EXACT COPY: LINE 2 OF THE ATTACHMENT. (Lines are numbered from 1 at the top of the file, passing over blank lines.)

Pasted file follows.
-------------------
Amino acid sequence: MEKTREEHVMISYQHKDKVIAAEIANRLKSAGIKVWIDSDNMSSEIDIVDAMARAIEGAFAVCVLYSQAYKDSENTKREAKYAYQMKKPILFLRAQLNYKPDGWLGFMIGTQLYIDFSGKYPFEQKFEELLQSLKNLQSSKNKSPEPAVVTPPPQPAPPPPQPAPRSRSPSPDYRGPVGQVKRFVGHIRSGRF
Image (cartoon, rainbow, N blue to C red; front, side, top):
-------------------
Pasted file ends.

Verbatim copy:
Image (cartoon, rainbow, N blue to C red; front, side, top):